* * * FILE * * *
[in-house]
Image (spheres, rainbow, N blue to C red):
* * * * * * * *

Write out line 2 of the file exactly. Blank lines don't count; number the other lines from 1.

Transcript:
Image (spheres, rainbow, N blue to C red):